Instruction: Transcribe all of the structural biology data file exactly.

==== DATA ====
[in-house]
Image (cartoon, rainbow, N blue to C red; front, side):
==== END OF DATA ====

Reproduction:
[in-house]
Image (cartoon, rainbow, N blue to C red; front, side):